When FDA finds that a manufacturer has significantly violated FDA regulations, FDA notifies the manufacturer. This notification is often in the form of a Warning Letter. The Warning Letter identifies the violation, such as poor manufacturing practices, problems with claims for what a product can do, or incorrect directions for use. The letter also makes clear that the company must correct the problem and provides directions and a timeframe for the company to inform FDA of its plans for correction. FDA then checks to ensure that the company’s corrections are adequate. Matters described in FDA warning letters may have been subject to subsequent interaction between FDA and the recipient of the letter that may have changed the regulatory status of the issues discussed in the letter.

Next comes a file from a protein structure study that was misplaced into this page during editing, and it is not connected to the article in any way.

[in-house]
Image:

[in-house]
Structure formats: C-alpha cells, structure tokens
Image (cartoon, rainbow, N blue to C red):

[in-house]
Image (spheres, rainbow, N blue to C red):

The issuing office in FDA warning represents the division of the FDA that released the warning letter. A common focus in the pharmaceutical industry is CDER (Center for Drug Evaluation and Research). Although not solely, this is a key division for FDA warning letters regarding drugs.
FDA warning letters usually result after a failed response to an inspection with observations. Althought it is not possible to predict warning letters. Following site inspections on Wizmed and watching 438s is a good way to see who many continue to escalate to a warning letter. If you would rather lookup all data sources at once you can use one search and here are those results for meropenem .Recent FDA 483s